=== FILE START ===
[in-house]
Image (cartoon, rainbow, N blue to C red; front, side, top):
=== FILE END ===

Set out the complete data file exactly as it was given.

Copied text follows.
[in-house]
Image (cartoon, rainbow, N blue to C red; front, side, top):